But even though many might hop on Metro and then walk to get to school at Tyler, cars were the number one concern for Traster and his group, because parents who did drive would often double-park along the narrow streets flanking the building in order to walk their children inside. What ensued was chaotic, as frustrated commuters both on foot and in vehicles moving through the neighborhood were often darting around those double-parked cars in an erratic manner. Children were also often coming at the building from many directions and darting across the street at multiple points. Much of this took place while garbage trucks and delivery trucks tried to also squeeze by on their rounds each morning.

To find solutions, the school joined the city’s “Safe Routes to School” program, run by the District Department of Transportation.
“I hear more about traffic concerns than I do about crime and personal safety concerns by far,” says Jennifer Hefferan, coordinator of the program. So far more than 40 schools have signed on for her office’s help.

Counterintuitively, making it safer at Tyler meant encouraging more kids to walk or bike to school, because more kids on foot meant fewer drivers and cars in the mix.

Adding another bike rack helped, as did encouraging parents to form “walking busses” where one adult would supervise multiple children as they made their way from home to the school’s front door.

The school, with suggestions from DDOT, also lobbied for a second crossing guard so that multiple paths to the school could be monitored actively each day, keeping aggressive drivers at bay and encouraging students to cross only at the crosswalks.

The school also blocked off parking spaces in front of the building to include a lane where parents could drop their children off to be escorted inside by student “safety patrol” volunteers. This enabled traffic to keep flowing smoothly toward the nearby entrance to highway 695 and prevented unneeded double parking.

Now, mornings outside of Tyler Elementary have become more predictable and calm. On a recent morning parents and children could be seen flocking toward the bike racks in large numbers and waving hello to their crossing guards as they made their way to the front door. All seemed to run like clockwork.   

The efficiency and increased safety has made the entire neighborhood work better, Traster says, and even those who don’t have kids have benefitted.

Like a lot of middle class people who have moved to the urban core in the last two decades, Traster says he and his wife were initially attracted to their neighborhood for its closeness to amenities, and they liked being able to commute to work on foot or via mass transit. They could choose not to drive if they wanted

But, Traster notes, he is keenly aware that not everyone has a choice. For those who can’t afford a car, a “neighborhood has always has to be walkable,” he says. “No matter what.”
 
Walkability equals health and confidence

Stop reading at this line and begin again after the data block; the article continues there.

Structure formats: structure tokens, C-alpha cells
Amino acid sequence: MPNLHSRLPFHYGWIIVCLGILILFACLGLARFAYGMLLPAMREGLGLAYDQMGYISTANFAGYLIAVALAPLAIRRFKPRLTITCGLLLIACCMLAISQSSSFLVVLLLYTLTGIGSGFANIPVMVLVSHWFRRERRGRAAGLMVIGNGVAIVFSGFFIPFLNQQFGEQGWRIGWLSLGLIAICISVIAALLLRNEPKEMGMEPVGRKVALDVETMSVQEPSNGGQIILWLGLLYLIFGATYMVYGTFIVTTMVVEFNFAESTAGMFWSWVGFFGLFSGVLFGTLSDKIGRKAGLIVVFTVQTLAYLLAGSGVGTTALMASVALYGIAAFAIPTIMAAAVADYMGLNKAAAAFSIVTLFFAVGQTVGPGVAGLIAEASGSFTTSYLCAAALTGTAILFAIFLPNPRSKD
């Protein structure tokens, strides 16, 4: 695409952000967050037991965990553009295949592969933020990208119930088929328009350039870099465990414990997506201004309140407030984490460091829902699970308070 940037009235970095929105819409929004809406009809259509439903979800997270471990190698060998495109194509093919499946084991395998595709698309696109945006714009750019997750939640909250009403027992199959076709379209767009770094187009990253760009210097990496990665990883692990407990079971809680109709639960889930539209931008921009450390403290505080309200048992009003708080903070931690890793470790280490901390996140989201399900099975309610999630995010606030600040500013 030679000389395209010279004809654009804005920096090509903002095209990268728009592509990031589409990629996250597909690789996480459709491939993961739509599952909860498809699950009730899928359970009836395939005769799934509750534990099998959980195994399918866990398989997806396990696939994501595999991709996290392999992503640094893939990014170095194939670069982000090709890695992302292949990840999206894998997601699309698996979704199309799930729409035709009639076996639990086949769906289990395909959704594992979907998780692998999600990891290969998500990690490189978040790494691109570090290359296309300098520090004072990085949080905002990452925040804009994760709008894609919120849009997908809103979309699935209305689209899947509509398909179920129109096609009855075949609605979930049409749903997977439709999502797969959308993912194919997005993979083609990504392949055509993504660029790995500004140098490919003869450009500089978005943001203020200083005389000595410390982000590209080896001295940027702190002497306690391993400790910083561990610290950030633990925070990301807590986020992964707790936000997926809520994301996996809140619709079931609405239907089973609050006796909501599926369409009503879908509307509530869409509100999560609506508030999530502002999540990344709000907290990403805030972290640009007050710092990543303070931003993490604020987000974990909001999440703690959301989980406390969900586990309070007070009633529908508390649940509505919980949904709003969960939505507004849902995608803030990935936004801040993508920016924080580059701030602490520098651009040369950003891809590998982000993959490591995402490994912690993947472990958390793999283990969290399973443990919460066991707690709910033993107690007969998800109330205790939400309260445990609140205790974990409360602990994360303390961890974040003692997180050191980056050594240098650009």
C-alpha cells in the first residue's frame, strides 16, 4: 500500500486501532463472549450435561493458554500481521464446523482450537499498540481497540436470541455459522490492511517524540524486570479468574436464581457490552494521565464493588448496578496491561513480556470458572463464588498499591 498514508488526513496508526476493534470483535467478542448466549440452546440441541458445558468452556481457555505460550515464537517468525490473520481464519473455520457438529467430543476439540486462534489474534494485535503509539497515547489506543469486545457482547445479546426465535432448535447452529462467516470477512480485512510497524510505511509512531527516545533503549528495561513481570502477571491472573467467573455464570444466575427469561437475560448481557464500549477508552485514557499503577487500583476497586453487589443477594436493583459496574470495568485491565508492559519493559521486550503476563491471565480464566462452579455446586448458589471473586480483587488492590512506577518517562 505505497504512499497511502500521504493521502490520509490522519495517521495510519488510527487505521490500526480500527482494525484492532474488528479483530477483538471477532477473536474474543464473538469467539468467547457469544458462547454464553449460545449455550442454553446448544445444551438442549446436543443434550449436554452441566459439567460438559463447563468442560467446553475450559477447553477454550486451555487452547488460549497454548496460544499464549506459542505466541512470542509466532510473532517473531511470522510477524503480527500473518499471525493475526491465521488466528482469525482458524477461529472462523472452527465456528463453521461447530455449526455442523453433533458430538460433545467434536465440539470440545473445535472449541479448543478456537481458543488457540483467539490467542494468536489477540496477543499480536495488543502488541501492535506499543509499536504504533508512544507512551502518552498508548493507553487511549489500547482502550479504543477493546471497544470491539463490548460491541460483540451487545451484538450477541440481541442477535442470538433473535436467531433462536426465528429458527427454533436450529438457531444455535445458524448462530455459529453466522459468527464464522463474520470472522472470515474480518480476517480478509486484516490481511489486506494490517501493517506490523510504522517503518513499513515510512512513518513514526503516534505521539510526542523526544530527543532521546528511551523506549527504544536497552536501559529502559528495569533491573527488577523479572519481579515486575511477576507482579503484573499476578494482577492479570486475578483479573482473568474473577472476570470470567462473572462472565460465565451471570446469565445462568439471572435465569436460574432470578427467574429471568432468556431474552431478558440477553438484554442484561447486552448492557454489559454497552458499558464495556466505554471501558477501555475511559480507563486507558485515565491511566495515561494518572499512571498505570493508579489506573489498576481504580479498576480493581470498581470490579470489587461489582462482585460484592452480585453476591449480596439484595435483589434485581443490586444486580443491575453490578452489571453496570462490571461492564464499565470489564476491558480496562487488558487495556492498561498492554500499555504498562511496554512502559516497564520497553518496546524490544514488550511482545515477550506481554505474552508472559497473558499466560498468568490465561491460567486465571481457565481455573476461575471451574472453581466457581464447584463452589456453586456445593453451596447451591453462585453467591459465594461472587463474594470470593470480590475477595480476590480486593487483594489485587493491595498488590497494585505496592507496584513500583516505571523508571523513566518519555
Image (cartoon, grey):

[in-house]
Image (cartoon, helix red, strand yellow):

Taking a thirty-minute walk once a week doesn’t seem like an insurmountable goal, but for many African American women in D.C. and around the country, it’s not easy.

“They say, ‘I’ve gone to work for eight hours, I’ve taken care of my home, I’ve taken care of my children and given to my community. I’m just done and I can’t even muster the strength to do something for my own self,” Nicole Hubb, National Field Director at GirlTrek, says.

Others also talk about being scared of crime, or having a hard time finding places where the traffic isn’t bad and the streets are accessible and have sidewalks. Some women also say they avoid walking as much as possible due to catcalling men who intimidate them or make walking repulsive.

GirlTrek, a national organization based here in D.C., is hoping to overcome some of those issues and simultaneously reverse some common health problems plaguing African American women by asking black women across the U.S. to take a thirty-minute walk once a week.

To date, more than 35,000 women have taken the group’s online pledge, although GirlTrek’s goal is to have more than a million signed on by 2018.

Part of the group’s mission involves getting women to realize that if they take care of their own health they can continue working to care for those they love for a longer time.

The group also tries to remind women what an important role walking has played in African American history and engender a sense of pride about the activity, and in 2013 hosted a walk to celebrate the life and achievements of the famous Underground Railroad Captain Harriet Tubman. The past year they also led group walks in Kenilworth Aquatic Gardens and the National Arboretum.

“While we’re out there walking we’re hoping we’ll be able to break the barriers of safety and make other women feel more comfortable doing the same,” Hubb says. “We want women to feel like their communities’ superheroes.”

Read more articles by Alison Gillespie.

Alison Gillespie writes about urban environmental issues for a variety of publications nationwide.  She is also the author of Hives in the City, a nonfiction book about beekeepers working to keep bees alive in the cities of the Mid-Atlantic US.